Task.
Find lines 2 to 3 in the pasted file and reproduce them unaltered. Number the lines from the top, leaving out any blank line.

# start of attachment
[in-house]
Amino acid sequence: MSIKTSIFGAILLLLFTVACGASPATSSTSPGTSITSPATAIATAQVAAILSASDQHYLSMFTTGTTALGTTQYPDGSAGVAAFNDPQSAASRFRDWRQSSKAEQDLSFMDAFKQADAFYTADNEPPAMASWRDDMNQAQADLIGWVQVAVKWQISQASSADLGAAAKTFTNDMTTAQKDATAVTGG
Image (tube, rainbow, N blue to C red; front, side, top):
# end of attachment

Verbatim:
Amino acid sequence: MSIKTSIFGAILLLLFTVACGASPATSSTSPGTSITSPATAIATAQVAAILSASDQHYLSMFTTGTTALGTTQYPDGSAGVAAFNDPQSAASRFRDWRQSSKAEQDLSFMDAFKQADAFYTADNEPPAMASWRDDMNQAQADLIGWVQVAVKWQISQASSADLGAAAKTFTNDMTTAQKDATAVTGG
Image (tube, rainbow, N blue to C red; front, side, top):